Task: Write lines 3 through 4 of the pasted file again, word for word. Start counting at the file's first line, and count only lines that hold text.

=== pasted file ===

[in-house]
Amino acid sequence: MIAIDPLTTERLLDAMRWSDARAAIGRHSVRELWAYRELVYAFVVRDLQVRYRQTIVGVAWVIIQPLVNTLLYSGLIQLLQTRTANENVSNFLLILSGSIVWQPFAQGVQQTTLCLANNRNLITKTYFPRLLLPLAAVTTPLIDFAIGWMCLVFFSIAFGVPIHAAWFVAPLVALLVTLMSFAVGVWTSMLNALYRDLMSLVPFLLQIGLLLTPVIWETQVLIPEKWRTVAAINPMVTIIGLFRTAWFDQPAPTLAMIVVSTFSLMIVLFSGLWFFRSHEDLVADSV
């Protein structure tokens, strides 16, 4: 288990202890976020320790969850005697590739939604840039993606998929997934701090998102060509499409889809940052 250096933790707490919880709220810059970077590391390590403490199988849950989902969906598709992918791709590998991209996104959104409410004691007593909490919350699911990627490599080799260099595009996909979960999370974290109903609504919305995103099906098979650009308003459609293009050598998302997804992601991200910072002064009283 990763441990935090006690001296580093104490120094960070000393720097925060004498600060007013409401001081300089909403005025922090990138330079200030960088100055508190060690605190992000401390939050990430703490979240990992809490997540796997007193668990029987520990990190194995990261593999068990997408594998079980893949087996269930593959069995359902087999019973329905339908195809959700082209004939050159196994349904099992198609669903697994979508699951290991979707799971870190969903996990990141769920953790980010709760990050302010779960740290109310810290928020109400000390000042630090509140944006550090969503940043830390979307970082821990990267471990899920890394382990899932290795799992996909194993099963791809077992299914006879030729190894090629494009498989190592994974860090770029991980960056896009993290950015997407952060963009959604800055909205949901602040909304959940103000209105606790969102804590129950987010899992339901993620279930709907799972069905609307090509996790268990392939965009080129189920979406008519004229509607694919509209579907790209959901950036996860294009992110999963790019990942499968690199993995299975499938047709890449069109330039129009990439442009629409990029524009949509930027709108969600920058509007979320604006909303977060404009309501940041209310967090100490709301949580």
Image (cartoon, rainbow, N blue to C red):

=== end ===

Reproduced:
């Protein structure tokens, strides 16, 4: 288990202890976020320790969850005697590739939604840039993606998929997934701090998102060509499409889809940052 250096933790707490919880709220810059970077590391390590403490199988849950989902969906598709992918791709590998991209996104959104409410004691007593909490919350699911990627490599080799260099595009996909979960999370974290109903609504919305995103099906098979650009308003459609293009050598998302997804992601991200910072002064009283 990763441990935090006690001296580093104490120094960070000393720097925060004498600060007013409401001081300089909403005025922090990138330079200030960088100055508190060690605190992000401390939050990430703490979240990992809490997540796997007193668990029987520990990190194995990261593999068990997408594998079980893949087996269930593959069995359902087999019973329905339908195809959700082209004939050159196994349904099992198609669903697994979508699951290991979707799971870190969903996990990141769920953790980010709760990050302010779960740290109310810290928020109400000390000042630090509140944006550090969503940043830390979307970082821990990267471990899920890394382990899932290795799992996909194993099963791809077992299914006879030729190894090629494009498989190592994974860090770029991980960056896009993290950015997407952060963009959604800055909205949901602040909304959940103000209105606790969102804590129950987010899992339901993620279930709907799972069905609307090509996790268990392939965009080129189920979406008519004229509607694919509209579907790209959901950036996860294009992110999963790019990942499968690199993995299975499938047709890449069109330039129009990439442009629409990029524009949509930027709108969600920058509007979320604006909303977060404009309501940041209310967090100490709301949580």
Image (cartoon, rainbow, N blue to C red):